As anachronistic as it can be, console game stores are still region locked and Sony's PS Store isn't any different in that regard. If your account region is set to US you can't buy games from the JP or EU store. For that reason many user have resorted into creating multiple different separate account, with all the annoyances this brings (more attack surface, needing to switch accounts etc).

The Store settings offer a weird option that allows you to choose a different "store region".

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but as you can see this does NOT allow for purchase of content from a different region.

You can only make purchases from your home country storefront.

For some time I therefore wondered: WHY would someone want to use such an utterly useless travesty of a setting? Am I missing something obvious? What can I gain by looking at another region store if I can't actually buy anything?

The question is very simple: Is there any advantage in changing your storefront setting? Can you at least use it to redeem codes from -physical- imported games or anything similar? Or is the sole purpose of this getting users angry at Sony by making them see all the games that are not available in their region with no way to buy them?

  • Yes, this question is a bit old, but I feel a clarification is needed here. Region locking a game store is not an old-fashioned thing. The average gamer in India or Brazil doesn't have anywhere near the same amount of spending money that the average gamer from the US or Germany has. So it makes 100% total sense to have different prices in different regions. And you can't enforce different prices if circumventing it is only a matter of flipping a setting in your profile. The fact that game selection is region locked is still stupid, though.
    – Arthur
    Commented Jun 30 at 19:03
  • I don't think that talking economy here really matters. Imho, artificial value creation achieved by locking people outside of digital content that can readily made available globally via Internet is just a legalized scam, but everyone can have their own opinion. Here, the "anachronism" is that games already localized in English (just go check PlayAsia "Asia English" game section) are withheld from other markets on the assumption they would not sell well or such. I'll gladly share views on this if you are interested, but that is for the chat. Commented Jul 1 at 7:43

2 Answers 2


An account is associated with a region when it is created. That user is still free to look at the store in other regions, even when logged in with that account, though their account is not able to purchase from regions other than their own. There are numerous differences in consumer law in each region, to which Sony must individually adhere. Because of this, each region is administrated separately. If someone in a country with strict consumer protection laws decided they wanted to return a game, but they had purchased it from the store for a country which does not have those consumer rights, things become very complicated very quickly.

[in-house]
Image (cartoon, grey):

• so, you are suggesting that actually there is no reason/gain from looking at other region storefront? That confirms my idea, but perhaps you could put that more directly. Another issue is that this seems to fall flat against the geoblocking EU rule Commented Jul 1 at 9:09

Sort of. I won't call it an "advantage", I think it's just a way to let you browse different stores (as suggested) and maybe discover different games not available on your home storefront.

Suppose you own several accounts and you don't want to switch them everytime: simply changing the country will let you see other "regional" versions of the games, and maybe find out that there are better discounts for a specific country.
Which is a dumb, and intended, way to do it. Luckily there are useful sites (like PS deals) that can do that quicker.

  • 1
    "maybe find out that there are better discounts for a specific country" which, technically, you would not be supposed to be able to buy because of geo-blocking being a thing on the store (bypassing the lock with multiple accounts is not intended) even if afaik Europe actually made geo-blocking ILLEGAL - see here. Yep, this is Sony for you. Will wait a bit but I think this is the only answer we may get. Commented Jun 13 at 7:42
  • @Ꮢedacted The EU only made region-locking between different regions within the EU illegal, as the main point of the entire EU is to be one market. They have no jurisdiction nor wish to stop regionlocking elsewhere.
    – Arthur
    Commented Jun 30 at 21:50
  • @Arthur as far as I know if far more complicated - they probably have the jurisdiction to act on you as an operator in the EU zone even if the infringement is technically outside the area. If you are interested, I have a related question on Laws here. Commented Jul 1 at 7:49

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